Picture This: Parting the Veil in Glen More

by Keith Savage · 19 comments

Beneath the clouds of Glen More, a narrow road bounds over rill and heath like Highlanders of ages past. The hollow glen whispers on the grasses and burns streaming from the hilltops like dreams from a widow’s eyes. I am alone for the entire traverse of the glen, though I often notice something from the corner of my eye, at the edge of hearing. Skidding down a bank, I dip my hand in a frigid, crystalline stream. An old Gaelic belief suggests that the souls of heroes return to the hills of their country after death, to the scenes of their happiest times in life. Perhaps Glen More isn’t as empty as it appears. Though the holy site of ancient Iona lies far behind me, I feel much closer to heaven here among the upraised arms of Mull.


Metaphors cloud my vision everywhere in Scotland: The winds are the airs of fiddles, the mist-wrapped sunbeam is a smile breaking through tears, the bony ridges are the hands of a grandfather. Am I just a dreamer, someone who wishes to see the world a certain way? Or perhaps there are places, like Glen More, where the veil between what is and what is imagined narrows, where we can see through the opacity of our minds.

pamNo Gravatar December 26, 2011 at 10:41 AM

It’s been a while since I’ve peeked in — this photo is beautiful and so is your writing. Thanks for that.

I think there are places we see or feel ghosts. If we’re lucky, I mean.

Keith SavageNo Gravatar December 26, 2011 at 1:45 PM

Hey Pam, good to see you here. Totally agree about the ghost comment. I think it means we’re paying attention.

Scotland travelerNo Gravatar December 19, 2011 at 6:57 AM

Yet another amazing place in Scotland… this amazing country surprises me every time I see a new picture. 🙂 Glen More is beautiful, you are very lucky to be able to explore such breathtaking places.

Keith SavageNo Gravatar December 19, 2011 at 8:34 AM

Those surprises are an important reason why I continue to go back there again and again.

Holiday in scotlandNo Gravatar December 19, 2011 at 9:51 AM

You will have to let me know when you are next in Scotland, maybe i will be in the area and we can have a wee dram together……….although this could lead to some unusual behaviour when i am on the Scottish holy water. :- )

Holidays in scotlandNo Gravatar December 14, 2011 at 10:14 AM

I have stayed in many cottages in remote areas like this, with some great memories especially telling the children about the wolf and the killer haggis, poor things would not go out at night : )

Holiday in scotlandNo Gravatar December 14, 2011 at 6:29 AM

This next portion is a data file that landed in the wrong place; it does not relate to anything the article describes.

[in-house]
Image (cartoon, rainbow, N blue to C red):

the more i look at this picture the more i want to build a home right in the middle of it and stare out the window all day laced with single malt and feeling the warmth of the log fire blowing up my kilt, sounds like the ideal life to me.

Keith SavageNo Gravatar December 14, 2011 at 9:34 AM

Indeed, if only that lifestyle didn’t lead to alcoholism and alienation 🙂 It’d be a great escape each year, though.

Maria of the Culture-istNo Gravatar December 12, 2011 at 4:30 PM

This photo sort of pulls you in and sweeps you down that long magnificent road!

Sam MoveNo Gravatar December 12, 2011 at 5:44 AM

Oh, I would give half of my life to have this road ahead right now…

Traveling TedNo Gravatar December 10, 2011 at 10:29 AM

This reminds me of one of the opening scenes of the movie Local Hero (filmed in Scotland). They are driving through scenery just like this and sadly hit a rabbit.

Keith SavageNo Gravatar December 10, 2011 at 11:35 AM

I still need to watch that movie.

wandering educatorsNo Gravatar December 10, 2011 at 8:28 AM

I remember roads like this, in Scotland – places that are haunting and soothing at once. lovely!

KenNo Gravatar December 10, 2011 at 7:20 AM

How lucky to have experienced these mystical moments. We lack this kind of thing in our modern world where our lives and experiences are so structured and rigidly defined, and our culture seems hostile to any sort of non-empirical reality. Scotland is wonderful in its ability to offer these experiences.

Keith SavageNo Gravatar December 10, 2011 at 8:57 AM

I think “hostile to any sort of non-empirical reality” sums it up well. I try to just take it as it comes and leave the scientific method at home.

Holidays ScotlandNo Gravatar December 10, 2011 at 3:47 AM

it is amazing how your mind can wander visiting these places alone, you can feel the past flowing through your body and the sounds mingleing through your mind mixed with the same echoes that sounded throughout these valleys in ancient times.

Nothing much has changed around the area apart from a few trees missing, you are looking through the eyes of a highlander and walking down a modern road that has probebly been constructed over the original path worn down down by peoples adventures through the past. facinating in your own mind till you here the sound of a jet flying above or a horn sounding telling you to get off the road, wakes you up for a while but you soon get back into your own hypnotic state and become pasrt of the history once again.

facinating post keith its nice to know our minds think the same when walking alone in Scotland,

Keith SavageNo Gravatar December 10, 2011 at 8:51 AM

Hah, I’ve been there. Seems like many of the ultra-rural places in Scotland are also on RAF flight paths. It’s nice to think that maybe the power is in the place and not just how I choose to perceive it.

JoAnnaNo Gravatar December 9, 2011 at 9:55 AM

It looks like you could bike for miles on that road.

Keith SavageNo Gravatar December 9, 2011 at 10:21 AM

The road runs from one end of Mull to the other. It’s a stunning and long path.

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